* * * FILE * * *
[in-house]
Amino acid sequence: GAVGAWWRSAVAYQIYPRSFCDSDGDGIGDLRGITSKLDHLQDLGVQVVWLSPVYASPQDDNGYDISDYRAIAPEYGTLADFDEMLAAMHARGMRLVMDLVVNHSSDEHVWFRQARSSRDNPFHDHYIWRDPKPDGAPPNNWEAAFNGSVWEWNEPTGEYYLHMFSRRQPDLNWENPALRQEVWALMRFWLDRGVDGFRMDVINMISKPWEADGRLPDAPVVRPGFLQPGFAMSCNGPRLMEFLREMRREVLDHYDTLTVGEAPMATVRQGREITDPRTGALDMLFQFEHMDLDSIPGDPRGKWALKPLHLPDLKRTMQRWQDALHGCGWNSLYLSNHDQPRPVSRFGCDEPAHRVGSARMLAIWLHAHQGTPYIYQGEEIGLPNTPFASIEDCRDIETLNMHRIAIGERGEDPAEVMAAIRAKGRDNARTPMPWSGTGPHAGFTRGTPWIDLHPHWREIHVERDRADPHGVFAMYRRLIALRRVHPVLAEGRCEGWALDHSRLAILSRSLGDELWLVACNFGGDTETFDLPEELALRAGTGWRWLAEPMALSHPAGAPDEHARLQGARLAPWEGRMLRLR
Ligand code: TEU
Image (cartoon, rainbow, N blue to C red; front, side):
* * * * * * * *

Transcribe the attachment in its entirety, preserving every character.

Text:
[in-house]
Amino acid sequence: GAVGAWWRSAVAYQIYPRSFCDSDGDGIGDLRGITSKLDHLQDLGVQVVWLSPVYASPQDDNGYDISDYRAIAPEYGTLADFDEMLAAMHARGMRLVMDLVVNHSSDEHVWFRQARSSRDNPFHDHYIWRDPKPDGAPPNNWEAAFNGSVWEWNEPTGEYYLHMFSRRQPDLNWENPALRQEVWALMRFWLDRGVDGFRMDVINMISKPWEADGRLPDAPVVRPGFLQPGFAMSCNGPRLMEFLREMRREVLDHYDTLTVGEAPMATVRQGREITDPRTGALDMLFQFEHMDLDSIPGDPRGKWALKPLHLPDLKRTMQRWQDALHGCGWNSLYLSNHDQPRPVSRFGCDEPAHRVGSARMLAIWLHAHQGTPYIYQGEEIGLPNTPFASIEDCRDIETLNMHRIAIGERGEDPAEVMAAIRAKGRDNARTPMPWSGTGPHAGFTRGTPWIDLHPHWREIHVERDRADPHGVFAMYRRLIALRRVHPVLAEGRCEGWALDHSRLAILSRSLGDELWLVACNFGGDTETFDLPEELALRAGTGWRWLAEPMALSHPAGAPDEHARLQGARLAPWEGRMLRLR
Ligand code: TEU
Image (cartoon, rainbow, N blue to C red; front, side):